The Philip Littman Memorial Fund
for Medical Ethics

Created to commemorate the anniversary of her husband’s passing, Trish established the Philip Littman Memorial Fund for Medical Ethics in support of the MJHS Hospice Medical Ethics Program.

To My Dear Friends,

Reflecting on the years since establishing the Philip Littman Memorial Fund for Medical Ethics at MJHS Hospice, I am humbled by the continued generosity and steadfast support of Phil’s friends and family members like you. This fund has helped their patients ensure they can have end-of-life experience that follows their values and wishes. This resource was invaluable to our family as we navigated the complexities of Phil’s terminal illness, and I am committed to continuing to honor his legacy by promoting this program both as a donor and as an active member of MJHS’s Ethics Committee. I hope you will consider joining me again this year to support this worthy cause.

Looking Back On This Year

Over the past year, the Ethics Committee has been charged with tackling difficult issues to inform organizational policies and provide guidance to clinicians. Topics have included Do Not Resuscitate (DNR) policies and patients who voluntarily stop eating and drinking. We collaborated with nursing homes to assist them in enrolling terminally ill residents in hospice and consulted on 15 “isolated” patients to determine if they would benefit from end-of-life care. In addition to creating policies, the Ethics Committee helps clinicians struggling with situations where competing priorities make it unclear how to provide the best care to their patients. 

Earlier this year, we heard a case about a 62-year-old man with end-stage alcoholic cirrhosis. He lived alone and refused care, alternately abusing or firing his home health aides frequently while drunk. His poor diet, end-stage disease, and heavy drinking resulted in a cycle of frequent falls, emergency room trips, and discharges home after stabilization. Yet, despite alienating many people who attempted to work for him, he trusted his hospice nurse and social worker. As he declined physically and mentally in an unsafe living situation, the team requested an ethics consult to explore the tension between their obligation to honor his wish to remain at home and give the best possible care in a safe environment.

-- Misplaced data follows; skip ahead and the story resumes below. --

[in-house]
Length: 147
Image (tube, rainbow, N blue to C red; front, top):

It was determined that allowing him to die in his home, even though he was more likely to continue falling and experience symptoms of distress, was the best way to honor who he was. 

Indeed, he declined and experienced one final fall, resulting in an emergency room trip. The following day, he requested a visit from his hospice nurse. Barely conscious, he greeted her with a smile and a weak “thank you.” He died comfortably that night. While upset that he could not die at home, the team took comfort in knowing they had honored his wish not to live his final weeks in a nursing home.

As an added benefit for professional development, MJHS Hospice is developing a scholarship for staff to attend programs for certification in medical ethics, ultimately aiming to fund at least one member in each of the seven location-based teams. We believe this expertise will allow all staff more direct and informed discussions of questions and ethical complexities during their weekly team meetings. All these policies and case consultations are complex but essential to honoring the patients’ values. Phil always prided himself on understanding each of his patients to inform their care. 

There is no better way to honor his legacy than with a gift to the Philip Littman Memorial Fund for Medical Ethics at MJHS. Your continued support makes this critical work possible, and I, along with so many patients, families, and community members, am grateful for this resource.



MJHS Foundation is a 501 (c) (3) not-for-profit organization. (Tax Id 11-1630753) All donations are tax-deductible to the extent allowed by law.